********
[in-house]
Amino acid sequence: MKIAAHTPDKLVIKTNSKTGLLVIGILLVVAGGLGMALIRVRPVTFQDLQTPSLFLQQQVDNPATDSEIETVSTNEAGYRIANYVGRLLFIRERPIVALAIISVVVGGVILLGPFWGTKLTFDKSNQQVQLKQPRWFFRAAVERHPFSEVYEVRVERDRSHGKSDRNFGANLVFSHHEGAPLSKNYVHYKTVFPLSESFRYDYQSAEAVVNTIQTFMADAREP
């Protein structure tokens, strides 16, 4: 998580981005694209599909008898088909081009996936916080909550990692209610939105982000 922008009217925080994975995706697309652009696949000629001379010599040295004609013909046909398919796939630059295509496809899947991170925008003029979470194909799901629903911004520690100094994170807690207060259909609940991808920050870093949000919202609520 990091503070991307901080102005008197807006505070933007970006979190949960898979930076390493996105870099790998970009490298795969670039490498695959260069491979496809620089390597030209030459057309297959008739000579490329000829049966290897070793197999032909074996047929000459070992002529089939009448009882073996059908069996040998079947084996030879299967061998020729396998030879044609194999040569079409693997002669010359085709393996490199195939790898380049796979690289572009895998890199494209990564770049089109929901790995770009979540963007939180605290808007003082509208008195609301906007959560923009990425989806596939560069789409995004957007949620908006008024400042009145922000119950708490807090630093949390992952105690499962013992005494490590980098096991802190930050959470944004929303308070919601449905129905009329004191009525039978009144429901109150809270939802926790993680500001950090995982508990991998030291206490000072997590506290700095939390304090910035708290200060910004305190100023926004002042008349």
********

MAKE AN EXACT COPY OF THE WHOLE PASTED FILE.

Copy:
[in-house]
Amino acid sequence: MKIAAHTPDKLVIKTNSKTGLLVIGILLVVAGGLGMALIRVRPVTFQDLQTPSLFLQQQVDNPATDSEIETVSTNEAGYRIANYVGRLLFIRERPIVALAIISVVVGGVILLGPFWGTKLTFDKSNQQVQLKQPRWFFRAAVERHPFSEVYEVRVERDRSHGKSDRNFGANLVFSHHEGAPLSKNYVHYKTVFPLSESFRYDYQSAEAVVNTIQTFMADAREP
């Protein structure tokens, strides 16, 4: 998580981005694209599909008898088909081009996936916080909550990692209610939105982000 922008009217925080994975995706697309652009696949000629001379010599040295004609013909046909398919796939630059295509496809899947991170925008003029979470194909799901629903911004520690100094994170807690207060259909609940991808920050870093949000919202609520 990091503070991307901080102005008197807006505070933007970006979190949960898979930076390493996105870099790998970009490298795969670039490498695959260069491979496809620089390597030209030459057309297959008739000579490329000829049966290897070793197999032909074996047929000459070992002529089939009448009882073996059908069996040998079947084996030879299967061998020729396998030879044609194999040569079409693997002669010359085709393996490199195939790898380049796979690289572009895998890199494209990564770049089109929901790995770009979540963007939180605290808007003082509208008195609301906007959560923009990425989806596939560069789409995004957007949620908006008024400042009145922000119950708490807090630093949390992952105690499962013992005494490590980098096991802190930050959470944004929303308070919601449905129905009329004191009525039978009144429901109150809270939802926790993680500001950090995982508990991998030291206490000072997590506290700095939390304090910035708290200060910004305190100023926004002042008349």